The Antarctic Treaty was signed in Washington DC, on 1 December 1959. This is the first major Treaty that submits a part of the planet to specific international governance.
The area covered by this Treaty is defined as the one extending below the 60th parallel of the southern hemisphere. Antarctica is therefore both a continental and a marine area.
The treaty exclusively hands over the area to scientific research and excludes any military activity.
The Antarctic Treaty system, in addition to the Washington Treaty, includes two other legally binding instruments:
• The Convention for the conservation of Antarctic Seals (London, June 1972) ;
• The CCAMLR Convention on the conservation of Antarctic marine living resources (Canberra, May 1980).
A single Treaty
The Antarctic Treaty will remain in the annals of international law as a unique instrument for several reasons:
- firstly, this is the first of the major treaties that submits a part of the planet to specific international governance, devoted exclusively to scientific use;
- next, it is a unique example of hierarchical organisation of States and privileges granted to some nations over others. Because, while Antarctica governance is an international governance, it is however not universal.
States are classified in three categories:
• The founding states: these are the original signatories to the Treaty. Belgium is one of them.
• Consultative Parties: these States have demonstrated their ability to participate in research in Antarctica. Originally 15 in number, these consultative parties may participate in co-opting new signatory States, which in turn may participate in Antarctic research activities.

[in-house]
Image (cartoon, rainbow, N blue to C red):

• Observers: non signatories, these States are interested in the activities but do not have the technical abilities to participate.
The exclusive scientific use
The Treaty exclusively hands over the area to scientific research. In 1959, technical and financial resources required by a polar expedition guaranteed scientists with de facto monopoly on access and stay on the Antarctic continent. It is no longer the same today. In practice, and sometimes under the guise of scientific purpose, some business activities (extreme tourism, cruises, etc.) are conducted below the 60th parallel. A corollary to scientific exclusivity is the prohibition of any military activity. Another corollary is the prohibition of exploration and exploitation activities of natural mineral or fossil resources. This prohibition is the result of negotiations subsequent to the Treaty that led to the Madrid Protocol of 1991 on the protection of the environment. It was ratified by Belgium in 1996 and entered into force in 1998.